Fraud is a cat and mouse game. The mouse has one for many years, but it appears the cat may have turned the tables. By Cat I am referring to the IRS and by mouse I am referring to the fraudsters that have plagued them with fraudulent tax returns.
IRS Tax Refund Fraud has been the scourge of Identity Theft and for a while it looked like it was only getting worse. The IRS has since stepped up their efforts and from the signs of it they are making some progress slowing it down.
Identity Theft cases spiked up 47% last year and most of that increase is being blamed on the rash of fraudulent tax returns filed in the last 2 years.
From 2010, Identity Thieves have been stealing customers identities, filing fictitious tax returns and claiming billions of dollars in refunds that were rightly due to consumers.
In all cases, consumers do not find out they are victims of the fraud until months later when they file a legitimate tax return and it gets rejected by the IRS as a “duplicate return”. By then the fraudsters have moved on to the next victim.
Since 2011, IRS has had issues monitoring suspicious Tax Return Fraud
You know the IRS wasn’t really paying attention when 23,000 separate tax return checks totaling $46 Million were sent to a single address in Atlanta Georgia. The fraud scheme at that time involved use of ITIN which were assigned to aliens at the time.
The following table shows the most popular addresses that fraudsters were using as mule houses to receive the fund on these fraudulent returns.
By 2013, The Problem of Fraudulent Tax Returns Became A Billion Dollar Problem
Filing a fictitious tax return is ridiculously easy. You just need a name, a social security number and a date of birth and you can file a falsified return. It’s even easier in most cases than applying for a credit card and the return is far far greater.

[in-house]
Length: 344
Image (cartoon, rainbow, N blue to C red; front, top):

Even by 2013, the IRS had still not fixed their detection issue of fraudulent tax returns and in fact the problem had grown exponentially. Many taxpayers were only aware of the problem after they tried to file a legitimate tax return after the fraudster.
In 2013, fraudsters submitted over 5 million phony tax returns with refund request totalling over $30 Billion dollars. The IRS managed to prevent or recover over 80% of the fraudulent returns however still lost close to $6 billion in the various scams.
The IRS has Bolstered Defenses and Is Now Claiming Significant Drops in Fraud
In 2014, the IRS announced a series of new techniques and initiatives to stamp out fraud. These initiatives involved better authentication of taxpayers during submission of tax returns and better fraud detection after they were submitted.
This week, the IRS is touting victory, claiming that those initiatives are having a big impact. The IRS claims to have reduced the number of fraudulent tax returns by 50% and saved over $4 billion in losses.
Koskinen shared that the agency had more than halved the number of new reports of identity theft, from 512,278 in 2015, to 237,750 in the first nine months of this year.
The IRS also reported a roughly 50 percent cut in the number of fraudulent tax returns that made it into the agency’s processing system, helping to save more than $4 billion
The IRS is Getting Even Tougher in their Fraud Prevention Efforts
The IRS also announced several new initiatives this week.
Identity Theft Analytics – They are opening a new Tax Refund Fraud Center calling it the “Identity Theft Tax Refund Fraud Information Sharing and Analysis Center” (ISAC). The Center will be responsible for data analysis and sharing data to the industry to prevent future fraud.
More Use of PIN Numbers for Authentication – Additionally the IRS has drastically increased the use of 16 digit PIN numbers that will be required as tax returns are filed. This year they expect the PIN requirement to jump from 2 million returns to over 50 million returns.
50 More Data Elements Being Added to Models – Analytical fraud detection models were added to the IRS arsenal and they are being significantly upgraded each year. The IRS announced the use of more concrete data in those models to increase their targeting and effectiveness.
Doing More with Less
The IRS is an example of doing more with less. The IRS indicated that they are making all of these improvements despite having 900 million less in budget than they did 2 years ago.
We’ll see how long they can keep it up. We know fraudsters are always one step ahead of fraud fighters.